Are you being smart about your tax?
No one likes to pay tax, but in a functioning democracy it is a necessary evil.
There are however ways to reduce the amount of tax that you do pay and as we head towards year end (aka holiday time, also known as spend-all-your-money time) it is the perfect time to remember the strategies that could save you tax year round.
Note that all three scenarios discussed below pertain to a tax year which comes to a close at the end of February each year. So when we talk about a year, we are actually meaning 1 March to 28 February.
1) Very simply, your tax free savings account.
National Treasury set up this initiative in 2015 allowing every individual the opportunity to contribute a maximum of R33 000 per year (with a life time maximum of R500 000) to a tax free savings account. They want to encourage South Africans to save. The tax savings is in your returns where you will pay no capital gains tax, no income tax on interest earned and no dividend withholding tax either. This, in tax terms, is a free lunch if you commit to the stipulations and the time frames. All Satrix products (ETFs and Unit Trusts) are available as tax-free savings options and you can access them across all platforms.
2) Did you know that contributing to your retirement fund means you pay less tax on a yearly basis?
As an individual, you are allowed to contribute 27,5% of your taxable income (to an annual maximum of R350 000) to your pension, provident or retirement annuity fund.
Let’s use an example to see how that actually works. You receive R15 000 income in total per month from your employer, some freelance work and rental income from a property. On a monthly basis, you contribute R1 000 to a pension fund and R400 to a retirement annuity.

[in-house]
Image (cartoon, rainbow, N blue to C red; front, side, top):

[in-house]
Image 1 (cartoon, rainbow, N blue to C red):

Your taxable income before deductions: R15 000 x 12 = R180 000
Your retirement fund contributions: (R1 000 + R400) x 12 = R16 800
Your retirement fund contributions are 9.33% of your taxable income (R16 800/R 180 000)
Your taxable income will be reduced by R16 800 each year, so you will only pay tax on R 163 200 and not the full R 180 000
You are able to contribute a total of R49 500 per year (R180 000 x 27,5%) to your retirement funds and still see the tax minimising benefits.
3) Capital Gains Tax (CGT)
Whenever you sell an asset (whether it is a house* or an ETF investment) you trigger a capital gains tax event if the value of what you sold is higher than what you originally bought it for. You are obliged to pay tax on this capital so gained. There are however some exemptions which, if you use them smartly with your investments, can reduce the tax you pay.
Each year, the first R40 000 capital gain earned by an individual is tax free. Thereafter, 40% of the gain will be taxed at your marginal tax rate (this means that the most you will pay on a gain is 16,4%). So each year you have R40 000 worth of returns on which you will pay no tax. If you use this tax relief carefully in your financial planning you can end up saving tax. You may however require your financial adviser to work with you on this.
So if you dispose of an investment and you do incur a capital gain, it means that your investment has actually grown positively. The best thing to do is to ascertain the amount of CGT you will need to pay on this transaction and keep that separately (perhaps in a money market fund or your mortgage bond) so that you have it available after Feb of the following year when you need to file your personal income tax return.
* The first R2 million rand capital gain on disposal of a primary residence is excluded from CGT.
POSTED : 8 DECEMBER 2017